Abi Manning roadtests Sharpham Elmhirst – the Totnes cheesemakers’ award-winning, mould-ripened, triple-cream cheese
What is it?
The South West’s answer to a crowd-pleasing traditional French soft cheese. Move aside, brie: this is our new (local) cheeseboard staple.
Because it’s freakin’ delicious. Allow us the indulgence of describing just how delicious.
The initial bite reveals a pleasingly salty rind which slowly yields before giving way to an indulgently dairy-rich mousse that dissolves across the tongue.
Don’t be fooled by the distinctly un-pongy nature of the Elmhirst. Its velvet creaminess makes it deceptively mild but if, like us, you keep going and going until sprawled on the sofa with crumbs down your jumper, you’ll discover a robust tang lingering on the palate.
The Totnes curd pros started producing handmade local cheeses at Sharpham House in 1981. They’ve since moved to a modern, purpose-built creamery (right next to their winery – they’re a multi-skilled gang) but still use traditional techniques to produce handcrafted cheeses using milk from their own Jersey cattle.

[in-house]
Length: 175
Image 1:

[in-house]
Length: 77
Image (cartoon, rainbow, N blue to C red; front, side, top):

For Elmhirst, double cream is added to Jersey milk to make a mould-ripened, triple-cream cheese that’s rich and moussy when young, maturing to decadent gooey-ness as it ripens. For ultimate indulgence, pair with a fresh-from-the-oven baguette and generous glug of crisp Sauvignon.
At £8.50 for 300g, or a slightly eye-watering £25 for 800g, you might want to reserve this one for a special occasion. But something so good it has you scraping every last scrap from the cheeseboard is surely worth every penny.
The cheese fiends at Sharpham have developed 100 per cent curbside-recyclable packaging. There’s rather a lot of it, but it’s worth it to protect the hunk of unctuous treasure hidden within. And you can pop the ice pack back in the freezer to reuse another time.
Recommend to a friend?
Only if they’re the sharing type.
Like Tried & Tested: Sharpham Elmhirst? Read 5 of the best cheese boxes here.
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